Australians seem to love India. I love it so much I live there. India’s a brilliant place—all adjectives are applicable: vast, beautiful, incredible, exotic, breathtaking, amazing, awesome, and quite often, hilarious. It’s a wonderful place to live. The lifestyle, the scenery, the peace—I mention peace because although I go to Calcutta regularly, I live in a peaceful, picturesque village 135km north of the city.
The diversity of both lifestyles is available to me, any time I want it: from rural village life on the river, to the teeming, chaotic city—you name it, India’s got it. Especially people. It’s got plenty of them. A billion, roughly. And with that many people on your doorstep, endless possibilities exist to write about absolutely anything. All you have to do is look out your window, and inevitably, there it is: a story waiting to be written.
It’s morning right now: the beginning of cold season, when soft mists roll gently into the day, hovering until mid-morning, when the warm rays of the winter sun dissolve the ethereal atmosphere and dry the dew on the grass. And at this time of day, everyone’s at it. Morning ablutions? Not quite. (That’s an entirely separate article: the image of millions of bare bums taking their morning constitutional in an open field …) No, I’m talking about India’s second favorite pastime: worship.
No other country in the world can hold a candle to the pantheon of gods and goddesses that India boasts. Bursting at the seams with demigods of every size, color and purpose—33 million of them at last count—India has led the race with the worship of these personalities since time immemorial. The country spills over with images of a black goddess with a protruding, blood-red tongue, one foot planted on the chest of her conquered husband, prostrate at her feet (down, girls—she is, after all, the goddess of the material creation); a dread-locked god with a trident, bedecked with garlands of skulls; a pot-bellied elephant who writes scripture with the tip of his broken-off tusk; a monkey who leapt over an ocean to prove his loyalty. That’s without mentioning the un-demi, the uber-god, the real thing: Krishna—a cowherd boy with unlimited girlfriends, a wicked sense of humor, and the tendency to steal. With a God like that, who wouldn’t be religious?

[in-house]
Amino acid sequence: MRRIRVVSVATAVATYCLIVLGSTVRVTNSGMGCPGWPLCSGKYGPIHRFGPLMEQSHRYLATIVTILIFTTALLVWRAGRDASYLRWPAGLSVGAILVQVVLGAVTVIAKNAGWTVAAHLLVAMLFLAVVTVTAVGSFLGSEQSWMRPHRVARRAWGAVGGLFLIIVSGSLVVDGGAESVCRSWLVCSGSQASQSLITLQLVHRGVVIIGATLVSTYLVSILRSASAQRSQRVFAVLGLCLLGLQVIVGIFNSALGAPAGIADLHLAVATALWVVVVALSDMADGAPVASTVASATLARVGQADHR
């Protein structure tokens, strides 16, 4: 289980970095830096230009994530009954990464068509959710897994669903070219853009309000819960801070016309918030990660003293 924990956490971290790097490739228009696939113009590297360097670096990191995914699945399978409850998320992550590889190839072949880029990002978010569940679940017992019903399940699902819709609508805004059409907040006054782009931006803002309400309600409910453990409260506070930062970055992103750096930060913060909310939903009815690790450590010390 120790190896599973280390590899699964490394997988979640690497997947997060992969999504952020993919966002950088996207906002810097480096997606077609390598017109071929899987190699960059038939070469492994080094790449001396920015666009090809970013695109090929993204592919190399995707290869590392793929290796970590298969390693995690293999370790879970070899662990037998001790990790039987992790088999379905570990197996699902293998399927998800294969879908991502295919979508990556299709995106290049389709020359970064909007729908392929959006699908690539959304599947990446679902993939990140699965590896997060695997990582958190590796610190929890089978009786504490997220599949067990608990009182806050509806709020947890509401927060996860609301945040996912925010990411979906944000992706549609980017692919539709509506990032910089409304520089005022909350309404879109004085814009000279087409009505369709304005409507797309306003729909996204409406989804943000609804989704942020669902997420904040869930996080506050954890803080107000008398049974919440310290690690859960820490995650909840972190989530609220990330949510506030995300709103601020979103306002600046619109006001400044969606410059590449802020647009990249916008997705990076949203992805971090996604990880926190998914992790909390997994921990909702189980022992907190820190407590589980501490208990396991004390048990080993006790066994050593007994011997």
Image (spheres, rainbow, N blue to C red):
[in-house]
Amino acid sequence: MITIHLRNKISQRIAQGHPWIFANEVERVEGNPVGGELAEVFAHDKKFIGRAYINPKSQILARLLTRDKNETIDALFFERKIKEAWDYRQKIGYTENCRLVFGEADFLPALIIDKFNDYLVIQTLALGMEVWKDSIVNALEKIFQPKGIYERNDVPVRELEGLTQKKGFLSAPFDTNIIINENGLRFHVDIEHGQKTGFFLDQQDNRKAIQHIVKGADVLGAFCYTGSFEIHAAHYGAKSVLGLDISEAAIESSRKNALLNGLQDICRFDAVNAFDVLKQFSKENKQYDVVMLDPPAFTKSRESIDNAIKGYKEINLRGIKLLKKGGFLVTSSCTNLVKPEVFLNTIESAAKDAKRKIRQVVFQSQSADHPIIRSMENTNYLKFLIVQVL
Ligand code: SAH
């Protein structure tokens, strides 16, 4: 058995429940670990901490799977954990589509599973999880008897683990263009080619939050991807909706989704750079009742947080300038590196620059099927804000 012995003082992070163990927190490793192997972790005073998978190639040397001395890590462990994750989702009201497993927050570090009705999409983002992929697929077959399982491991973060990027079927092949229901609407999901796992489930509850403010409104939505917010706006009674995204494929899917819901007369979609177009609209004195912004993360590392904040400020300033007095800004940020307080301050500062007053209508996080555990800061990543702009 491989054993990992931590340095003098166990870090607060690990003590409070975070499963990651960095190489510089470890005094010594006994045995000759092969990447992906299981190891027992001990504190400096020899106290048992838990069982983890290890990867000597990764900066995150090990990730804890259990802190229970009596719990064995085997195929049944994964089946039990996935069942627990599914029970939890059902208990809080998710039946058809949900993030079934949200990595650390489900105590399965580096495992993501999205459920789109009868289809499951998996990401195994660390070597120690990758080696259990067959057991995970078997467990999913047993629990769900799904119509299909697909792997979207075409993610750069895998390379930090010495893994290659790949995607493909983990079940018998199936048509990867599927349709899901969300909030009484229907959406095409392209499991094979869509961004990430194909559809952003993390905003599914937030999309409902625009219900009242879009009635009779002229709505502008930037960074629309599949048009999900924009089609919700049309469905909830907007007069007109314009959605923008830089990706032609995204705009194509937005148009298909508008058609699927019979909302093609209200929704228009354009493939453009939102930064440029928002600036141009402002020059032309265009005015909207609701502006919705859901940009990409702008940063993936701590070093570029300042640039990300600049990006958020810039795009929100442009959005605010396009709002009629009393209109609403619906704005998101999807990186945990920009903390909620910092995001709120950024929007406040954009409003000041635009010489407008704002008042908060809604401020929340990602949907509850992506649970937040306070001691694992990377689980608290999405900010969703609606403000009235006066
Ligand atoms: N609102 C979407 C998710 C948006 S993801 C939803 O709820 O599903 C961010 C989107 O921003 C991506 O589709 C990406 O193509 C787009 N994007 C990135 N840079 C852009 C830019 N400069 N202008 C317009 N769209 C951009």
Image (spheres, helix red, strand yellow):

Temples proliferate the landscape in villages, towns and cities, in back lanes and back yards; all are abundant with sometimes opulent, sometimes simple temples of all sizes, shapes, and purposes. Dawn sees millions across the nation heading to the holiest of rivers, Ganga, to bathe in and simultaneously worship this personality who came down from the spiritual realm via the Himalayas through the hair of Lord Shiva. In India, everything and everyone is “worshipable.”
The country is soaked in devotion, its inhabitants ritualistic and regulated devotees of millions of gods and goddesses and their personified forms of rivers, mountains, earth, trees, stones—nothing is disqualified. The tulasi tree, whose leaves are crucial to the worship of Krishna, or Vishnu; Bhumi, mother earth; and of course the sacred cow, who has a day set aside for her worship during the month of Kartika (November), and who, in seeming evidence of her divine status, is the only creature on this planet who can stand in downtown rush hour traffic and not run the risk of being squashed.